D-Day, June 6, 1944
From D-Day June 6, 1944 - The Climactic Battle of World War II by Stephen E. Ambrose:
Operation Overload, the invasion of German-occupied France in June 1944, was staggering in its scope. In one night and day, 175,000 fighting men and their equipment, including 50,000 vehicles of all types, ranging from motorcycles to tanks and armored bulldozers, were transported across sixty to a hundred miles of open water and landed on a hostile shore against intense opposition. They were either carried by or supported by 5,333 ships and craft of all types and almost 11,000 airplanes. They came from southwestern England, southern England, the east coast of England.[…]Thanks.
The effort behind this unique movement---which British prime minister Winston S. Churchill rightly called "the most difficult and complicated operation ever to take place"---stretched back two years in time and involved the efforts of literally millions of people.[…]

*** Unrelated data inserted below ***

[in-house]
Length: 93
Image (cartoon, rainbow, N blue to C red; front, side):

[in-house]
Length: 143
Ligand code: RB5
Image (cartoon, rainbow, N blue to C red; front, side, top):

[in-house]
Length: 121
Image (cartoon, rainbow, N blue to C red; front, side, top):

It all came down to a bunch of eighteen-to-twenty-eight-year-olds. They were magnificently trained and equipped and supported, but only a few of them had ever been in combat. Only a few had ever killed or seen a buddy killed.[…]
It was an open question, toward the end of spring 1944, as to whether a democracy could produce young soldiers capable of fighting effectively against the best that Nazi Germany could produce. Hitler was certain the answer was no.[…]
But when the test came, when freedom had to be fought for or abandoned, they fought. They were soldiers of democracy. They were the men of D-Day, and to them we owe our freedom.